A Time for Moral Reckoning
I am watching unbelievable pictures tonight of endless swaths of brown oil mixed with the blue waters of the Gulf of Mexico, of dying wetlands and marshes, of miles of contaminated coastlines, of dead birds and animals, of helpless and hopeless Gulf Coast residents sadly witnessing their livelihoods and their lives slipping away. With the explosion and sinking of the BP oil rig six weeks ago, the immediate talk was about environmental threats and technical fixes, economic losses and political blaming, and debates about responsibility for the costs. But with the failure of the latest attempt to stop the spill, and with both BP and the federal government admitting they still really don't know how much oil has already spilled or will spill, a national discussion is beginning about the fundamental moral issues at stake, and perhaps even a national reflection on our whole way of life based on oil dependence and addiction.
After the failure of "top kills" and "cut and cap" strategies, it now appears the gushing of oil into the sea could continue until at least August, or maybe even longer. This could be one of those moments when the nation's attention all turns to the same thing, as in 9/11 and the days after Katrina. To use an over-used phrase, this could be a "teachable moment," but as 9/11 and Katrina demonstrated, we don't necessarily learn the right lessons from teachable moments. This time we had better do so.
First, we have to change our language. This isn't a little "spill," it is an environmental catastrophe -- the potential contamination of a whole gulf (already a third is now off limits for fishing) and hundreds of miles of coastline, and it threatens to expand to an ocean and more coastlines. It will bring the destruction of critical wetlands, endanger countless species, end human ways of life dependent upon the sea, and now, it will increase the danger of a hurricane season that could dump not just water, but waves of oil just miles inland from the coasts.
Theologically, we are witnessing a massive despoiling of God's creation. We were meant to be stewards of the Gulf of Mexico, the wetlands that protect and spawn life, the islands and beaches, and all of God's creatures who inhabit the marine world. But instead, we are watching the destruction of all that. Why? Because of the greed for profits; because of deception and lies; because of both private and public irresponsibility. And at the root, because of an ethic of endless economic growth, fueled by carbon-based fossil fuels, that is ultimately unsustainable and unstable.
It's not just that BP has lied, even though they have -- over and over -- to cover up their behavior and avoid their obligations. It is that BP is a lie; what it stands for is a lie. It is a lie that we can continue to live this way, a lie that our style of life is stable and sustainable, a lie that these huge oil companies are really committed to a safe and renewable energy future. BP should indeed be made to pay for this crime against the creation -- likely with its very existence.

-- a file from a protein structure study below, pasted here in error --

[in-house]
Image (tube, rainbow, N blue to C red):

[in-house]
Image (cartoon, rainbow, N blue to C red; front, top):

But I am also reminded of what G.K. Chesterton once said when asked what was most wrong with the world. He reportedly replied, "I am." Already, we are hearing some deeper reflection on the meaning of this daily disaster. Almost everyone now apparently agrees with the new direction of a "clean energy economy." And we know that will require a re-wiring of the energy grid (which many hope BP will have no part in). But it will also require a re-wiring of ourselves -- our demands, requirements, and insatiable desires. Our oil addiction has led us to environmental destruction, endless wars, and the sacrifice of young lives, and it has put our very souls in jeopardy. New York Times columnist Tom Freidman recently wondered about the deeper meaning of the Great Recession when he asked, "What if it's telling us that the whole growth model we created over the last fifty years is simply unsustainable economically and ecologically and that 2008 was when we hit the wall -- when Mother Nature and the market both said, 'No More.'" The Great Spill makes the point even more.
There is not one answer to this calamity; there are many: corporate responsibility, for a change; serious government regulation, for a change; public accountability, for a change; and real civic mobilization to protect the endangered waters, coasts, species, and people's livelihoods. But at a deeper level, we literally need a conversion of our habits of the heart, our energy sources, and our lifestyle choices. And somebody will need to lead the way. Who will dare to say that an economy of endless growth must be confronted and converted to an economy of sustainability, to what the Bible calls stewardship. What about the community of faith?
I am told this morning that the smell of oil is already apparent in the parks and playgrounds near the Mississippi coast. Unless this crisis in the Gulf finally becomes the wake-up call that signals a new national commitment to end our dependence on oil, our children may now be smelling their future.
The first step forward is building awareness. Would you forward this blog to your friends?
Jim Wallis is the author of Rediscovering Values: On Wall Street, Main Street, and Your Street -- A Moral Compass for the New Economy, CEO of Sojourners and blogs at www.godspolitics.com.